Internet Payments

Secure & Reliable

Your data is encrypted and secure with us.
Godaddyseal image
VeraSafe Security Seal

Lethbridge Herald Newspaper Archives

- Page 17

Join us for 7 days to view your results

Enter your details to get started

or Login

What will you discover?

  • 108,666,265 Obituaries
  • 86,129,063 Archives
  • Birth & Marriages
  • Arrests & legal notices
  • And so much more
Issue Date:
Pages Available: 28

Search All United States newspapers

Research your ancestors and family tree, historical events, famous people and so much more!

Browse U.S. Newspaper Archives

googlemap

Select the state you are looking for from the map or the list below

OCR Text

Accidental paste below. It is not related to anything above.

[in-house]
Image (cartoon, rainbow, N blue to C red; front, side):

Lethbridge Herald, The (Newspaper) - September 16, 1972, Lethbridge, Alberta GLASGOW RETURN DAY EXCURSION EFFECTIVE NOV. 1, 1972 For bookings and further Information eonlaci ART WILLIAMS TRAVEL CENTRE VILLAGE MAIL PHONE The IctHlnidcie Herald SECOND SECTION Lethbridge, Alberta, Saturday, September 16, 1972 PAGES 17 TO 28 NOW IN OOR NEW LOCATION CECIL OXENBURY DISPENSING OPTICIANS LTD. 101 PROFESSIONAL BLDG. 740 4lh AVE. S. PHONE 35J-7121 New Arriving: THE NEW EUROPEAN FAIL EYE FASHIONS for 1973 Writer's seminar starts Sept. 29 Many people feel they have the talent to write but they just don't know how to get started. For these people, the provin- cial government has organized a special two-day seminar in Lelhbridge later this month aimed at getting the beginning writer under way. The conference is set for Sept. 29 and 30 at Sven E rick- sen's Family Restaurant. Reg- istration tec is The first Southland Writers' Workshop will include such topics as writing for television and radio, poetry, school broad- casts, articles, writing for young people, short stories and novels. Dr. W. G. Hardy, author of Alberta, A Natural History and several novels and short stor- ies, and Jolin Patrick Gilles will be special speakers at the con- ference. Cleo Mowers, publisher o! The Herald, will deliver the keynote address during the closing banquet Saturday eve- ning. More than 100 persons regis- tered for a similar conference in Grande Prairie and organi- zers expect a larger group in Lethbridge. Further information is avail- able from the Creative Writing Division of the Alberta Govern- ment, llth Floor of the CN Tower, Edmonton of from the local co-ordinator, Eva Brew- ster of Coutts. City investments may net The city is in the money busi- ness in more than just a spend- ing way. Short-term investments made with funds ultimately destined for payroll cheques, construc- tion, property purchases and other expenses, will bring the city an estimated in revenue this year. Finance director Allister Findlay has been making money for Uie city through shortierm investments since 1956. In the last 15 years, the local coffers have been padded with from interest on these investments. To date this year, has been invested and if left to maturity, would return The interest rates vary, Mr. Findlay said, from a high of per cent received once last year, to just over five per cent on most investments maturing within 90 days. When major payments are due, such as the to the provincial school foundation fund in November, investments are made to mature when the payment date arrives. As soon as money is available, Mr. Findlay or his representa- tive is- on the phone to a local bank or investment broker. For example, plans are being made now to borrow million for the new library from the Al berta Municipal Finance Cor poratlon Dec. I. At that time the money will be invested unli it is needed. The provincial government regulates this type of Invest- ment and provides a list of approved financial houses with which' cities may The city has also invested in Quebec Hydro and Ontario Hy- dro. CLIFF BLACK, Certified Dental Mechanic BLACK DENTAL MEDICAL DENTAL BLDG. lower Lovel PHONE 327-2822 MOVING? OWEN AGENTS FOR ALLIED VAN LINES TMthle thtopth at lighth' A person begins to doubt lis eyesight when he starts seeing plants obeying traffic ights. That's exactly how John llellawell felt Friday majn- ing when he stepped outside his shop, John's Motor Clin- ic, to watch the antics of a large ball of Russian thistle. The wind that had kept the three-foot ball skipping down 4th yWe. S. suddenly died and the weed skidded to a halt directly in front of the 5th St. toplight just as the light turned red. 'I could hardly believe my was M' --slla- well's comment. jail was so big I came out of the shop to sec what it would do." Well, it didn't do much un- til the light turned green, when It managed to gain enough momentum to contin- ue on its way. Things are getting pretty bad when motorists have to start taking lessons from the plant kingdom. FRESH FOLIAGE PLANTS for FALL 75C 75c and up MARQUIS FLOWER SHOP Phone 327-1515 CATERING ALI WM ID -ALL YOUR Are you planning a fcan- k quef, wedding reception or jhiodal gathering soon? Lei us prepare ond serve a delicious meal to your exact specifications. THE LOTUS BANQUET ROOM for up to 125 persons is available at all times. Phone early far reservations! JUST CALL 327-0740 OR 327-297 LOTUS Acreu From The CPR Depot 'Our work is cut out for us' Raymond realtor Socred candidate A group of old party faithfuls Friday chose a "second genera- tion Social Keith Hancock, 39, a Raymond real estate agent, to contest the Lethbridge seat in the Oct. 30 time will come in this province when the voters ivill call on Social Credit again." George Buzunis, mayor of Fort Macleod, said there will be no alignment of Socreds with SOCRED STANDARD BEARER Keith Hancock, a Raymond real estate agent, was selected Friday to contest tho Oct. 30 federa 1 election in the Lethbridge riding for the Social Credit party. Mr. Hancock with his wife Connie, centre, is being congratulated by former provincial Socred cabinet ministers ten Halmrast, left and Ted Hinman, right. Keith's father, Al Hanccok, is on the extrem e left. -Waller Kerber Photo 15 agencies involved Appeal drive starts Monday The 1972 United Appeal fund drive for 15 community service agencies kicks off Monday. More than 200 volunteers will conduct a three-week drive to collect donations from business- es and employees in the city. This will.be followed Oct. 16 by a house-to-house canvass for funds. 400 hear Calmaii Musical season off to good start Canvassers will call on businesses in the city. In the October house-to-house canvass, workers will call on resi- Close to 400 people attended the Young Artist Concert in the Yates Memorial Centre Friday night. Tho concert featured 18-year- old Jeffrey Caiman as solo pi- anist. Friday's concert was the first in a tour of nine cities in Western Canada, sponsored by the Canadian Federation of Mu- sic Teachers' Association. The IVj-hour concert In- cluded works by Bach, Beetho- ven, Chopin, Honegger and Havel. Audience response to Mr. Caiman's performance was ex- tremely favorable, with one music teacher commenting that tlie young musician had "tremendous things ahead of him" and another referring to it as a "gala opening to the mu- sical season." Mr. Caiman is currently on tour as a result of winning the Yo u n g Artist International SMILEY'S PLUMBING GLASS LINED WATER HEATERS SI 10 INSTALLED Phone 323-2176 Augl o ompetitlon at the Spokane, tesh. festival in July. He has studied music for ine years and is the winner of umerous awards and scholar- Tips, including six silver med- Is for Western Board of Mu- ic examinations, senior fes- 1 classes, Banff Centre chool of Fine Arts, Spokane ymphony award, and sev- ral grants from the depart- ment of culture, youth and rec- ealion. Ho was recently engaged to >lay with the Spokane Sym- ihony Orchestra. Mr. Caiman is currently itudying under Willard Schultz if the University of Calgary. He is the son of Hy and Thelma Caiman of 1919 17th Ave. S. girl Distributors SERVICE CENTRE 419 5th Street South Phone 328-6661 NOW OPEN Government licenced Technician t Repoiri to Radloi, Televisions and Taps Recorders. SONY LLOYDS DUAL NORESCO City wins four scholarships Kalhryn Ann Erlman, 18, of has been awarded [our scholarships with a total value of Miss Erlman, who Is entering her second ;'ear in tlie faculty of education at the University of Alberta, received scholar- ships from the province of Al- berta, the Thomas J. Watson Memorial Bursary, tho Board of Governor's prize in educa- tion and the Education Society of Edmonton. dences. Another donations will be sought through letters to houses, so that in total houses will be canvassed. UA organizers are hoping for a large part of the drive from employee payroll deduction schemes. ONE DRIVE "The United Appeal benefits the general Lethbridge citizen by having one drive and thus eliminating 15 smaller requests for says a brochure about this year's drive whicl explains the work of the 15 member agencise. They are: Victorian Order o Nurses, Multiple Sclerosis So ciety, Canadian Red Cross, Ca nadian National Institute for the Blind1, Canadian Arthritis and Rheumatism Society, Canadian Paraplegic Association, St. John Ambulance, Salvation Army John Howard Society, Leth bridge Family Service, Gir Guides, YM and Boy Scouts and Navy League Canada. Because UA objectives wer not reached the last tlire years, there is no objectiv for the 1972 drive. However, o ficials hope to top the collected in the city last year. APPEAL COSTS About 13 per cent of mone collected goes to administrj live costs in running the appea At a noon luncheon at Svc Ericksen's Family Rcstauran Monday workers will get "pep talk" and have a chani to ask last-minute questions federal election. Mr. Hancock, unopposed for the nomination, told about 60 persons at the Civic Sports Centre that he will "do my best to carry the Social Credit banner to Ottawa." His nomination, proposed by Jack Landeryou, former Leth- bridge MLA and Calgary MP, and seconded by former provin- cial treasurer Ted Hinman, fol- lowed a moving song, The Im- possible Dream, sung by Mr. Hancock's 36-year-old wife Con- nie, accompanied by piano. REFORM Eight party officials spoke of Socred monetary theory before Mrs. Hancock's solo. Looking over an audience composed al- most entirely of middle-aged and senior citizens, she said "I only wish people my own age and younger could have been here tonight to hear the things these people have Mr. Landeryou called for re- form of the international money system. Mr. Hinman said, "If we ever needed Social Credit to stop in- flation, to stop government bor- rowing we need it now our young people are going to wake up to a mountain of debt." NOT NEEDED Leighton Buckwell, MLA for acleod, said "from the de- ession '30s to the booming Os we've made things so good OT our young people they don't ied Social Credit anymore." Dick Gruenwald, MLA for ethbridge West, said he was nly at the convention as an ob- srver. "I don't have any but urged those In at- endance to work for "good gov- ernment." John Anderson, MLA for jethbridge East, looked at the mall turnout and said "we've ot our work cut out for us." FUTURE CALL Len Halmrast, former provin- al cabinet minister, said crit- cs of Social Credit monetary leory joked at the "funny money but added "the Conservatives in the federal election. Unlike the Liberals and Tories, Socreds are con- cerned about the "forgotten lit- tle fellow." Al Hancock, Keith's father and southern Alberta Socred or- ganizer for the federal elec- tion, said that if the party was elected in Ottawa, within three years it could eliminate income tax. ''Money is only election issue1 Joe Csaki, a finance compan manager and campaign chai man for 1972 and Steve D betz, a research scientist an this year's publicity chairma Information about the appe is available from UA hearlqua lers at the Lethbridge Commi ity Chest office, telepho 327-1700. The president of the Alberta branch of the Social Credit party of Canada said the Lib- erals and the Progressive Con- servatives "don't have the an- swers" to inflation and unem- ployment, "The single issue in the elec- tion is Martin Hatters- ley, a 39 year old Edmonton lawyer told a Socred nomina- tion meeting Friday. Mr. Hattersley, a Socred can- didate for Edmonton Centre, said the party now has nomi- nated 10 to 19 candidates in Al- berta. 200 SOCREDS The party promises to field candidates in all ridings in British Columbia, Alberta and Saskatchewan and 200 can- didates across the country, he said. He proposed a revamping of the money system. Despite "Diefenbakermania" Some courses still looking for students There has been good com- munity response to the public service courses being offered at ,he University of Lethbridge his fall. Five of the nine courses being offered started this month while the remaining four begin 'in October. Two courses have full enrol- students In ceramics and 15 in woodwind instru- ments. The class on the chang- ing role of women in society is among the most popular. The first class was attended by 20 people. A course on the Victorian era, being offered at the Yates Mem- orial Centre starting Sept. 1 can still absorb many more stu- dents. It has a capacity of 500. Applications are still being received for children's theatre, children's literature, philos- ophy, nutrition and modern sci- ence. in 1958 and "Trudeaumanla" in 1968 poverty, inflation and other ills remain, he said. "The old line party leaders are still namec ailing and work- ing on the level of person- alities, but the people of Can- ada are thinking in terms of olicies. "They're thinking in terms what had to be done. If your ot water tank bursts in the asement, you don't have a opularity contest to see who's oing to fix he said. "We can clean up the mess, 'ou've heard how in 1935 (Soc- ed Premier William) Aberhart ame into Alberta and cleaned p the mess." ECHNOLOGY Mr. Hattersley said with .odern technology five per cent f the population can produce all the goods and services Can- da needs. 'Everybody in Canada hould enjoy the wages of the machine." He proposed a basic 100 a week "floor" for every- jne. He said there's a "seething rebellion going on underneath, the bottom end of Canada, omething the rich cannot understand." Mr. Hattersley said Tru- dean's Just Society has failed, he rich have got richer and he poor, poorer. MARTIN HATTBUSLBY ART DIETRICH DENTURE CLINIC DENTAt MECHANIC Schwartz Bldg. 222 Slh SI, S. Phono 328-409S MAKE HOYTS ONE-STOP SHOPPING CENTRE FOR SUNBURST CERAMIC PRODUCTS MADE IN LETHMIDOI We carry a big In out. colon BEAN POTS CASSEROLES COFFEE SETS MUGS SOUP TOUREENS ONION SOUPS ASH TRAYS PRICED FROM 4 ONLY 3H.5JU Call Chino 327-5767 DOWNTOWN AIR CONDITIONING Alcon Refrigeration Ltd. For Ihe beir buy in Air Conditioning 327-5814 PARK'S-NEILSON'S Dry Cleaners Ltd. SUPERIOR DRY CLEANING 6lfl St. S. and 1514A 9th Avo.S. PHONE 327-4141 327-5151 327-7771 hour tailoring blocking and leather processing pleat drapery processing In observance of tre JEWISH DAY OF ATONEMENT PROGRESS CLOTHING LTD. 112-114-5th STREET S., LETHBRIDGE WILL BE CLOSED ALL DAY MON., SEPTEMBER 18th OPEN FOR BUSINESS AS USUAL TUESDAY, SEPT. a.m. L b OUR LAURIE BOWNS September 2, 1972 SINCERE CONGRATULATIONS ;